I think that the term ‘news’ no only encompasses important political and social events throughout the world, but also events that are more relevant to me as an individual, such as a basketball score or a recent celebrity breakup. There is a clear distinction between world news and news that is important to me because sometimes I am not entirely interested in the European economy. According to Merriam-Webster, ‘news’ is defined as “a report of recent events” or “matter that is newsworthy”. These two definitions show that there is a difference between just what is reported in a newspaper and what is newsworthy to a person.

    http://www.merriam-webster.com/dictionary/news

  15. Kelly Litzelfelner says:

    To me, news is events relevant to the public. It must be interesting and people should want to read and learn more about it. Factors such as uniqueness, timeliness, prominence, proximity and conflict determine whether or not something is news. However, the idea of what news is varies from person to person based on people’s personal interests.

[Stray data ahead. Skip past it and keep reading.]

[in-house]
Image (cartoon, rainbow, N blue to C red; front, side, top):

The Oxford Dictionaries defines news as “newly received or noteworthy information, especially about recent events”
    http://oxforddictionaries.com/definition/english/news

  16. Christina Figg says:

    The Marriam-Webster dictionary defines news as “a report of recent events, matter that is newsworthy.” When defining news on my own, the first thing that came to mind was that it is the most recent stories that intrigue and spark the interest of the general public. To me, news includes stories about events that impact large groups of people, such as war, natural disasters, and politics. News is offered to everyone so individuals can be aware of what is occurring in their local communities, nationwide, and even worldwide.

  17. Jordan Mckeever says: